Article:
Newsletter

November 2020 Issue of The Scoop Print

Welcome

Welcome to this month's edition of The Scoop, the official newsletter of The Garden Club of South Carolina, Inc. 

For easier reading or to print it out to share, please click here to read it directly from our website. 

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Calendar of Events

Friday, November 6th, 10:00-12 noon

Charleston area: South Windermere Garden Club's Annual Bake Sale  at the home of Nancy Carter
42 Indigo Point Drive, Charleston SC 29407
(Covid protocols will be observed, masks required.)

 

November 6 - First Friday conference for club officers via Zoom: An Arbor Day Primer 

Get ready for Arbor Day with SC TREES, TREE PROJECTS AND RECOMMENDATIONS. GCSC Arbor Day Chair Nancy Odom will present Arbor Day ideas for your clubs. 

Special Guest, NGC Climate Chair, Victoria Bergesen, will also present PLANT AMERICA'S EACH ONE PLANT ONE INITIATIVE, an overview of the program as well as recommendations for the best native trees to plant in your area. 

 

November 11 - The Memorial Garden of South Carolina turns 75!

Join us for a special Veterans' Day presentation of America's First Memorial Garden by GCSC Chair Peggy Little with special guests from the Governor's office and SCPRT.  Designed by Loutrel Briggs and lovingly maintained by GCSC, this special garden now houses an honor walkway to memorialize veterans of each war. 

December Awards Deadlines

Club, Council and Youth Contest Awards are all due next month. For detailed information on these awards, visit www.gardenclubofsc.org/Awards 

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President's Message

November is a favorite month of mine. Not only do I find myself eternally grateful for the rich orange-browns and reds of falling leaves, but who can resist the rich spectrum of yellows. This year particularly, I am surrounded by a brilliant array of yellows. From the almost ripe yellow of Meyer lemons weighing down our trees to the orangy yellow of goldenrod hanging over the borders, the sunshine yellow of helianthus reaching high into the sky and the mustard yellow beggarsticks and tiny wildflowers along the edges of our garden.

In the trees there are flying yellows as migrating warblers hunt seeds and insects, along with the rare yellow of the crested flycatcher, almost gone by now.  Perhaps my favorite yellow this year is the creamy yellow stripes of the Zebra Longwing, a species that has expanded its territory all the way into the middle parts of our state. 

In many cultures, yellow represents sunshine and good cheer, a welcoming color to brighten your outlook. This season, I take it as a sign of better days to come. Like the saying goes, "no one ever strained their eyesight by looking on the bright side."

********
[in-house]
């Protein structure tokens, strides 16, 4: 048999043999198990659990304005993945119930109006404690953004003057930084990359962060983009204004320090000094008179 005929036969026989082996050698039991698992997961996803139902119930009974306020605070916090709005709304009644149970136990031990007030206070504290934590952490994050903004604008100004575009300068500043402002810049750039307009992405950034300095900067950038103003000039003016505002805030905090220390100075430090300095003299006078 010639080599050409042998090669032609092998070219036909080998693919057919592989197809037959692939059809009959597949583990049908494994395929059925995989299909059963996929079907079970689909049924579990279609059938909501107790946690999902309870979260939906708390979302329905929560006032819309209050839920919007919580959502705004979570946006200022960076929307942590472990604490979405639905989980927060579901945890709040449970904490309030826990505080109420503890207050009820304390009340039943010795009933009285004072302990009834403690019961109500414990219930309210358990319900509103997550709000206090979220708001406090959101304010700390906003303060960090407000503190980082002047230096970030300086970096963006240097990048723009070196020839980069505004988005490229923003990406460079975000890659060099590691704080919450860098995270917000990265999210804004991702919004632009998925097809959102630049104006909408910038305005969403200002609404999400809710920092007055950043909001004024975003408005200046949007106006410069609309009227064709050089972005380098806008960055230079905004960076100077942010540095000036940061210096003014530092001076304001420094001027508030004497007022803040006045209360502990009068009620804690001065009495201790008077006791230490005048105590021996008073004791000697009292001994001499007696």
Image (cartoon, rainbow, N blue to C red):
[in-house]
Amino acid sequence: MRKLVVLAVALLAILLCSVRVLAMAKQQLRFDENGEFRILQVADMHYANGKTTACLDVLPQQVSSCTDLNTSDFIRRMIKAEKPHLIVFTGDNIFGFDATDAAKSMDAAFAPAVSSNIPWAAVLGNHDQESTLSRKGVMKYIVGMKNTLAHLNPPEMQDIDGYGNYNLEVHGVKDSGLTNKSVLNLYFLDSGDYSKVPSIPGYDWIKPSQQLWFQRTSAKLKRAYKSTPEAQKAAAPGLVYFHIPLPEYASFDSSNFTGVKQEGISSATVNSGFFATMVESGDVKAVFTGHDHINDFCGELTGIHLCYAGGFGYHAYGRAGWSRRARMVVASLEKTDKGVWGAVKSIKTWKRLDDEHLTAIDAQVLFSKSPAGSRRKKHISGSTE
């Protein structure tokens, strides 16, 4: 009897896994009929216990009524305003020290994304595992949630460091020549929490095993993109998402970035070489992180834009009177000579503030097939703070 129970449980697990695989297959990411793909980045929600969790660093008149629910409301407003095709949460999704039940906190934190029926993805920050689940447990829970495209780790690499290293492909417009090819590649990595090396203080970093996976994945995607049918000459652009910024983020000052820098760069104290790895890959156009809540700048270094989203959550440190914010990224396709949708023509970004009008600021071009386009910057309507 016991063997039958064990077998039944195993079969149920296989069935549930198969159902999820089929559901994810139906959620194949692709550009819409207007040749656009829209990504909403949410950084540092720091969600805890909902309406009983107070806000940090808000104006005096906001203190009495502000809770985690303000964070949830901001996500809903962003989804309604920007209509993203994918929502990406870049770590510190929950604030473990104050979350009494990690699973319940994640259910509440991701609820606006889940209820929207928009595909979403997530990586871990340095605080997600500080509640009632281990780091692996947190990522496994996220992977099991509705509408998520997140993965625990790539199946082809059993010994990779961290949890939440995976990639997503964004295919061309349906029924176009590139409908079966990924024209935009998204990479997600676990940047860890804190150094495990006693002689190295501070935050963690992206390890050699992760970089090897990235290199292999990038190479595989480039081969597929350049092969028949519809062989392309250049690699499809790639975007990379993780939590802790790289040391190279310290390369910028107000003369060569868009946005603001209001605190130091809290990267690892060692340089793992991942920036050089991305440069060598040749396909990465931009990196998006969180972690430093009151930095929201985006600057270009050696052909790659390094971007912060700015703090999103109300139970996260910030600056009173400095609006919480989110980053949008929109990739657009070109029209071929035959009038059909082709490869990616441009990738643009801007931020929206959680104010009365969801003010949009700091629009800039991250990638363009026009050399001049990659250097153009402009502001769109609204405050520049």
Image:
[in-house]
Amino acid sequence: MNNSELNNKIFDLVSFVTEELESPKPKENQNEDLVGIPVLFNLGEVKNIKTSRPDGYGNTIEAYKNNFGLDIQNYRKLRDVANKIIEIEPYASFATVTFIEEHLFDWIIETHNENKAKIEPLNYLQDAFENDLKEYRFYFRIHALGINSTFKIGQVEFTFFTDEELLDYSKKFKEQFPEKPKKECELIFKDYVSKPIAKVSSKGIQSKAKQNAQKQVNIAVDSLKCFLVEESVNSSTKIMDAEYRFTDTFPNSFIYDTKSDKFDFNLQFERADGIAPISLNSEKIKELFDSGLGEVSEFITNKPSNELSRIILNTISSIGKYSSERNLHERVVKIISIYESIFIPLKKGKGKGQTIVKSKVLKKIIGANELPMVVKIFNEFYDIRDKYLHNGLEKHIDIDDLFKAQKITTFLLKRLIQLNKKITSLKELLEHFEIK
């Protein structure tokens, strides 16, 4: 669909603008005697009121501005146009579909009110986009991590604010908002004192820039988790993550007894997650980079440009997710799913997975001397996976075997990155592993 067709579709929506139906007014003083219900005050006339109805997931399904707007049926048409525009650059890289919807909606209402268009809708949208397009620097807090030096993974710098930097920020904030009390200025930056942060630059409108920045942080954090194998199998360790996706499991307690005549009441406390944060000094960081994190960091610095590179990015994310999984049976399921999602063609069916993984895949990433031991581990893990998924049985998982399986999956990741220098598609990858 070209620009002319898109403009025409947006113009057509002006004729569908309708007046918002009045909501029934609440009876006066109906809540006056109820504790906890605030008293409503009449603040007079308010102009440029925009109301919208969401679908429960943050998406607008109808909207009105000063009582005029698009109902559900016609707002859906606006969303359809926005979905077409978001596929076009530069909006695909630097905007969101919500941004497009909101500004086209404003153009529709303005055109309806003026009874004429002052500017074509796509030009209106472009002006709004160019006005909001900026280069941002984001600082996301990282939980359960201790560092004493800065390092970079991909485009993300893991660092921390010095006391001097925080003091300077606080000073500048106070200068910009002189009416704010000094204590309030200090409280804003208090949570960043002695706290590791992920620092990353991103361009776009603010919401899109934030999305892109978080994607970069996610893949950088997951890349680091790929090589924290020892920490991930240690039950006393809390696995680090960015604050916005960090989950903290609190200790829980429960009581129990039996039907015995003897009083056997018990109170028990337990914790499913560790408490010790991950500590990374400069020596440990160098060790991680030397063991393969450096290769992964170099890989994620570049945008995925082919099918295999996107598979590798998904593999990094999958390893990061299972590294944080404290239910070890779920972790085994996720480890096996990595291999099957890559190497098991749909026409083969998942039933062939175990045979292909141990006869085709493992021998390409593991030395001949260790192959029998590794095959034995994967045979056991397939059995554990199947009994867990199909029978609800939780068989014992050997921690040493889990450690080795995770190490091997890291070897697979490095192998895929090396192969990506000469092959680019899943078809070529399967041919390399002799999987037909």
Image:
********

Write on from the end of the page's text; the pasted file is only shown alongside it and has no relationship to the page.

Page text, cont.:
As this is also the month that America celebrates gratitude for the year's bounty, here is a favorite prayer: 

Happy November Gardeners! May we all be blessed with a grateful heart this season. 

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Month by Month Gardening

Piedmont by Gina Ginther

Plant:

  • Bulbs, trees and shrubs
  • Plan your pollinator garden by planting flowering perennials now

 

Harvest:

  • SEEDS - this is the perfect month to collect seeds for next spring. 
  • Garlic, onions, and your late season vegetables. 

 

Chores:

  • Aerate your turf areas and over seed with winter rye 
  • Final pruning and clean-up of beds
  • Leave the leaves and save those pruned stalks for your wildpile
  • Bring in your houseplants before the frost 
  • For tender outside plants, have plankets (plant blankets) ready 
  • Enjoy your incoming garden catalogs!

 

Sandhills by Gail Watkins Ford

Plant:

  • Pansies, snapdragons, calendulas, candytuft, sweet William, violas and pinks.
  • Spring bulbs between mid-November and mid-December. Southern Living recommends using colored golf tees for marking color and location of bulbs.
  • Wildflower seeds
  • Sow seeds of hardy annuals for spring blooms; larkspur, forget-me-nots, stock, foxglove, bachelor’s buttons and Shirley, Iceland and California poppies. Lightly rake in poppy seeds.
  • Decorative kale and cabbage.
  • Pot bulbs for forcing.
  • Spring-flowering shrubs.
  • Lettuce and spinach.
  • Continue to divide perennials.
  • Roses, camellias, azaleas, laurel and rhododendron. Do not plant too deep.
  • Garlic bulbs for next year.
  • Fruit trees, blueberries, blackberries and bunch grapes.
  • Add parsley and creeping Jenny to containers of pansies and snapdragons for great color.
  • Plant pansies over the top of bulbs in containers.
  • Plant or transplant trees. Fertilize:
  • Boost fertilizer to pansies, etc.
  • Top dress all shrubs and evergreens. Use NO nitrogen fertilizer; 0-20-20. This promotes root growth.
  • Lawn with 8-8-8 for last time.
  • Bulbs now.

 

Prune:

  • Cut back chrysanthemums to just above the ground.
  • Cut back leggy roses.
  • Pinch tips of snapdragons so they won’t get leggy.
  • Cut back perennials after finish blooming.
  • Cut back water sprouts on trees.
  • Do not prune spring flowering shrubs in the fall. Nip if leggy.
  • Dig up unhappy shrubs and replace

 

Harvest:

  • Dry or freeze herbs.
  • Garlic.
  • All late vegetables such as tomatoes, peppers, eggplants, beans and squash.
  • Seeds from annuals, perennials, day-lilies, iris and vegetables for spring propagation. Store seeds in cool dry place; they will last for years in glass jars.
  • Leave seed heads on hardy annuals and the seeds will scatter and germinate in the spring.
  • Add leaves to the compost pile, water and turn frequently for well rotted manure.

 

Routine Care:

  • Tidy up the garden.
  • Pull weeds and unwanted plants.
  • Clean out nesting materials from birdhouses.
  • Mulch biannual beds.
  • Apply mulch to roses for winter protection.
  • If autumn is dry water deeply.